The United States spends more on health care than any other wealthy country. Yet, it ranks dead last compared with 10 others overall as well as for affordability, equity and health care outcomes (it ranked next to last for administrative efficiency). A new report from The Commonwealth Fund shows that reducing the income gap between high and low earners plays a significant role in providing high quality, equally accessible health care.
Despite making meaningful progress to insure millions of people under The Affordable Care Act, the U.S. health system costs more and performs worse than Australia, Canada, France, Germany, the Netherlands, New Zealand, Norway, Sweden, Switzerland and the United Kingdom, based on 72 criteria in five categories The Commonwealth Fund reviewed.
The differences in the U.S. system were especially striking when measured against top-ranked U.K., Australia and the Netherlands.
Why the Gap?
“Other countries have much better primary care than the U.S., invest more in primary care physicians than in specialists and have health systems that are more equitable,” said Dr. David Blumenthal, president of The Commonwealth Fund, during a teleconference with reporters. “In no other country does income inequality so profoundly limit access to care as it does here.”
The U.S. has ranked at the bottom of similar reports since 2004. Some of these differences come from the unique structure of the U.S. health system, Blumenthal said. We are the only country among those surveyed that does not offer some type of universal coverage.
Health care spending has grown faster in the United States than elsewhere, but that doesn’t mean better performance, said Dr. Eric Schneider, lead author of the report and The Commonwealth Fund’s senior vice president for policy and research. He hopes the U.S. can adopt other nations’ successful approaches here.
The one bright spot for the U.S in the report was in care processes, where it ranks fifth. This category evaluates preventive services, safety of care, care coordination and patient engagement in their own care. Criteria like wellness counseling, doctor-patient relationships and shared decision-making between primary providers and specialists showed strong positive results. But this wasn’t enough to lift the U.S. out of its last-place spot overall.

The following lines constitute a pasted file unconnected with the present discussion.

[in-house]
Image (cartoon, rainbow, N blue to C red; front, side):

All countries have room to improve in various ways, Schneider said. “No one country ranks first consistently.”
Where the U.S. Health System Falls Short
The report emphasizes precise deficiencies in American performance. It found the United States:
- Ranks last on access to care, most notably in affordability; The Netherlands performs best.
- Ranks 10th in administrative efficiency, with more U.S. doctors reporting restriction-related coverage problems than any other country but France. Australia, New Zealand, the U. K. and Norway ranked highest. Other countries are more efficient because they standardize benefits and administration burden.
- Has the lowest level of health care equity, which examines how even-handed each country’s system is for people with below-average versus above-average incomes. Relative to other countries, a greater proportion of Americans struggle with costs of care and there are greater differences between lower- and higher-income adults. That leads to skipping doctor or dental appointments, foregoing treatments or tests or not filling prescriptions because of cost. The U.K., the Netherlands and Sweden showed the smallest gaps.
- Has the highest rate of “mortality amenable to outcomes,” which measures the likelihood of preventable death caused by conditions that could be treated under an effective health system. And, compared with other countries, the U.S. also had the smallest decrease in this measure over the past decade.
In addition to offering universal coverage and good primary care, other countries also invest heavily in early prevention, detection and treatment before problems become untreatable, Schneider said. While the U.S. is experimenting with some comprehensive programs, it’s nowhere near the level of other nations.
The performance of the U.S. is “lackluster” when juxtaposed with other wealthy nations, the report concluded. Each of the three top-ranked countries have different financing systems, but all achieve high performance.
How the United States Can Do Better
The report recommends:
- Strengthening preventive services, including more investment in deterring chronic disease and in a primary care workforce that is available on nights and weekends.
- Supporting organizations that excel at care coordination and moving away from fee-for-service payments to better coordinate care.
- Expanding health insurance coverage, allowing people to get the care they need at little or no cost. Universal coverage makes primary care widely available and reduces gaps in care, the report says.
- Cutting down on paperwork. We lead the world when it comes to burdensome requirements of the health system. Only 6 percent of doctors in Norway and Sweden said they wasted time or had difficulty with billing and paperwork, compared with more than 50 percent of U.S. doctors surveyed.
- Reducing disparities in care. Lower income is associated with higher health risks, but people have greater difficulty in accessing care or treatment because of high costs.
The U.S. will likely follow its own path rather than adopting another country’s health care system to address these challenges, Schneider said. However, to become a truly high-performing health system, we need to learn from other countries to meet the issues of access, administrative burden, equity and health outcomes.
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